A Bridge To Sigh For: Venetian Design Inspires Stone Span
THE CHALLENGE - Because its front yard plunged nearly eight feet down from the street level on two sides, this house had no front walkway and a hard-to-find-front door. The overgrown front yard featured 60-year-old boxwoods, slouching dry-stack walls, a crumbling stone wall on the street, and a creek that sliced through it all. Flowers were out of the question.
THE SOLUTION - A bridge modeled after the legendary Bridge of Sighs in Venice [Well no, but the arches are similar. - J.V.] formed the organizing structure for the new design. This solved the problem of the creek and lack of access to the front door. Additional structures included a retaining wall, steps from the street, a terraced flower bed and a landing at the base of the front steps.
THE ACTORS - Homeowners Jack Nichols and Carol Spruill; stone mason Joe Valles (backstory).
THE STORY - When Jack Nichols and Carol Spruill bought their house near Five Points in Raleigh in 1978, they faced the charms and challenges of owning an older home. Built in 1923, the stone house had all the typical troubles: "A crummy kitchen and an overgrown yard, for starters," Nichols says with a laugh. "The front yard was horribly overgrown, but I liked it. It reminded me of the mountains. Even nice things were overgrown," Spruill adds. "You couldn't even see the street." The yard was an amalgamation of moss and English ivy.
Nichols and Spruill knew that the front yard needed help, lots of it. Plus they had their own ideas and dreams. Their house sits on a corner lot, on a knoll. Because the front yard plunges downward nearly eight feet from both the left side and front streets, the builder put a walkway leading from the front door to the street on the right side of the house.
The result? Visitors couldn't easily find the front door. Moreover, the overgrown boxwoods lining the walk were close to toppling over into the front yard. That wasn't all. The original dry-stack stone walls that reinforced slopes needed repair.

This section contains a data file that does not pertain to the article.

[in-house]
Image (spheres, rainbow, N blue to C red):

A low stone wall running the length of the side street needed work. And Spruill wanted some space for flowers. Finally, a bridge over the creek that meandered across the front yard was needed if Spruill were to realize her vision of a front walkway.
Nichols and Spruill wanted to use the same kind of stone as their house so that when everything was done, all the structures would blend. This requirement lent suspense to the project, since the quarries where the stone came from in the 1920's are now home to the Harris Teeter on Glenwood Avenue and to Crowley's on Dixie Trail.
Not long after buying their home, Nichols and Spruill lucked into 20 tons of stone. A nearby house, built of the same stone, was being remodeled. Nichols bought the unused stone and stored it in his driveway until time came for the couple to focus on their yard.
"But with nooks and crannies for flowers, reclaimed air space for an arching 15-foot rhododendron and a Bridge of Sighs to boot -- the yard is on its way to being a work of art."
"I'm not sure exactly how long I had it -- maybe 10 to 12 years -- but I knew I would one day be glad I had it," he says. When that day arrived, Nichols and Spruill found Joe Valles, operator of European Stone Masonry, through landscaper Charles Dobbins.
Valles, a casualty of closing steel mills in Pittsburgh, learned the art of stone masonry and came to the Triangle in 1984 to launch his business. His father was a brick mason, and his grandfather (photo), an immigrant from Italy, a stone mason.